Mr. Bean is a universal character – Rowan Atkinson hit comedy (and commercial) gold with the invention of this madcap, barely human bloke who bumbles his way through various scenarios with a casual, childlike menace. Atkinson has visited remote villages across the world with black and white TVs watching his show, and on YouTube some Mr. Bean episodes have 90+ million views!
Anyway, the series ran from 1990 – 1995 and spawned several films and a cartoon series. For the TV show, there was an unusual, and extremely brief, piece of choral music which we long presumed had been ripped from some classical music piece. Wrong – this is a unique composition by Howard Goodall and performed by a choir at Southwark Cathedral in Oxford. The Latin which is sung also has a rather cool meaning, we found.
Mr. Bean: Ecce homo qui est faba
Okay, so most of us didn’t take Latin class at school, so a bit of rummaging around dug up what’s going on here. We were always rather fond of this music as kids and it holds additional reverence due to nostalgia factor now, plus being classical music fans it’s always a big deal to dig up stuff like this.
Anyway, that gibberish singing has a meaning you may not be aware of. We certainly weren’t, as we are moronic. The choir sings the following, as you’ve already seen from the title above. What does it mean?
"Ecce homo qui est faba" – "Behold the man who is a bean"
It’s as simple as that, although the verse is repeated a second time at a higher pitch in case you’re too dumb or hard of hearing to have picked up on it first time around. The show’s creators, Atkinson and Richard Curtis, by the way have stated Mr. Bean is, indeed, supposed to be an alien. Not quite as scary as Independence Day, huh? This is why we have the rather abstract lyrics. At the end of the show, there are additional lines which read as follows, all of which you can hear in the clip below.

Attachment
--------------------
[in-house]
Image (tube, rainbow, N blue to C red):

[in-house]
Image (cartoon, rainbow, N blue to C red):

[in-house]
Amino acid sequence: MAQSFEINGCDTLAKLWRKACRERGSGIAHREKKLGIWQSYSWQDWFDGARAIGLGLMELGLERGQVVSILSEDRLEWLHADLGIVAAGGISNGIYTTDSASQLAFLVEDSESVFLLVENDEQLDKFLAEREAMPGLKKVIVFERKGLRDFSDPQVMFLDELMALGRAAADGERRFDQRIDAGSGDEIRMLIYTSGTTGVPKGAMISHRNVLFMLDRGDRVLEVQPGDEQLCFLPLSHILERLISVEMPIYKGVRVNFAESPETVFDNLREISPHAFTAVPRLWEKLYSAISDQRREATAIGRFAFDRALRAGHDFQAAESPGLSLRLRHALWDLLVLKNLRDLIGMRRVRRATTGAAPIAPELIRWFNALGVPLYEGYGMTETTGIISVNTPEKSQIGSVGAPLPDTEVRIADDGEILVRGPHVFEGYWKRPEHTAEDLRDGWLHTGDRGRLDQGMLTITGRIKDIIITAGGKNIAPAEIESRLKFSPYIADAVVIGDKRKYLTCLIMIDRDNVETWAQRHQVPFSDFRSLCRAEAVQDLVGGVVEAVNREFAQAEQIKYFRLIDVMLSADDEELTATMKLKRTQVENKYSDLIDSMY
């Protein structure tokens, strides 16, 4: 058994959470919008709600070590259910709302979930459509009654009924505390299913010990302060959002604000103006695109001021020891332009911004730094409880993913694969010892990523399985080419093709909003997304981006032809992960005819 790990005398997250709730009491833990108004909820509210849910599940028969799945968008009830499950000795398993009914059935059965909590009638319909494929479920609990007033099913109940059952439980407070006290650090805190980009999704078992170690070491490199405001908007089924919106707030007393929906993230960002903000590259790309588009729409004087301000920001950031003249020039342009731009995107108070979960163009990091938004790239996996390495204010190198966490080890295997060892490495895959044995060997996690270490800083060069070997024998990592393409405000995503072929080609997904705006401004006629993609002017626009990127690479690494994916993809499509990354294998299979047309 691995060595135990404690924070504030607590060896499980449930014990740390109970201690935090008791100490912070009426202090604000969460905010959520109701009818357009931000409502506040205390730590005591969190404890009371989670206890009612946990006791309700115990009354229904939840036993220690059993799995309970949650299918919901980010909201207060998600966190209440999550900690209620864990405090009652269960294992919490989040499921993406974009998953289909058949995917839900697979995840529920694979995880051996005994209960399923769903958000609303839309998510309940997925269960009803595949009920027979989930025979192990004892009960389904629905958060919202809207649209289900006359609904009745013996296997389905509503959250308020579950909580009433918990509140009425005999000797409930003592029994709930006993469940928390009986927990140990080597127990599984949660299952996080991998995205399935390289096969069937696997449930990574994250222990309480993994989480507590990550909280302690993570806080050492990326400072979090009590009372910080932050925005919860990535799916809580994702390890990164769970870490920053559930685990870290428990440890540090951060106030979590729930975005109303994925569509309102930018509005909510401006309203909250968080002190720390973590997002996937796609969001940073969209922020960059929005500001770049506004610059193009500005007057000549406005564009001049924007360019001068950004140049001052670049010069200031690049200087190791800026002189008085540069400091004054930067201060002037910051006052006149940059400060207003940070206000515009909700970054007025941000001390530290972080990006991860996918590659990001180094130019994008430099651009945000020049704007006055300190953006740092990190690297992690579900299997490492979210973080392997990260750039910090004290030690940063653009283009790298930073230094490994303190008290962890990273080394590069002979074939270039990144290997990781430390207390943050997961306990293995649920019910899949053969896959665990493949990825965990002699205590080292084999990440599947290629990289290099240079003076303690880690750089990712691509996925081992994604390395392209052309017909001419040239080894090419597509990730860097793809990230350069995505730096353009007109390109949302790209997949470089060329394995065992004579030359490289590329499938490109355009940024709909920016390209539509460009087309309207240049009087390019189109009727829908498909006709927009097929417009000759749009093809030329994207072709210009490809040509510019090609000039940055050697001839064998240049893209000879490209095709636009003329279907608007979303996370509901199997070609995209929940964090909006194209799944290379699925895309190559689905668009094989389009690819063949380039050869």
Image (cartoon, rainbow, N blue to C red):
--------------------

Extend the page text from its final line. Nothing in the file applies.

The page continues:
"Vale homo qui est faba" – "Farewell, man who is a bean"
Keep it Short!
There are a few intertextual references at play from BBC shows around the early 1990s, with one of Mr. Bean’s episodes referencing the marching song the British Grenadiers (this played at the start of the brilliant fourth series of Blackadder, also starring Atkinson in his best role). The Vicar of Dibley, starring Dawn French, also played the Ecce homo Mr. Bean music, which is rather fitting.
Nowadays, it’s interesting to note many TV shows go all out (presumably as they have much bigger budgets) with dramatic opening credits, some of which drag on for ages. True Detective and House of Cards (as brilliant as they are) have ones which are bloody enormous! Seriously, House of Cards is almost two minutes long.
The BBC, in its infinite wisdom (i.e. mainly due to tight budgets), has spawned several other opening credit gems. This dates back to the 1960s, when Monty Python used American military marching music Liberty Bell from 1893, composed by John Philip Sousa, simply as it was in the public domain and, consequently, free to use. This music has since become iconic for the show and the performers involved.
With Atkinson’s work in the ’80s, you can look to the fantastic Blackadder series for inspired, ultra-short opening credits. For the closer, however, we’re going to pick Bottom for its jazzy romp performed by, aptly enough, the Bum Notes, a cover of a B.B. King track. The show is still hilarious, particularly seasons 2 and 3, with more wittily juvenile (and bizarrely sweet natured) double entendre than you can imagine. Great music, too, and a fun way to wrap this all up.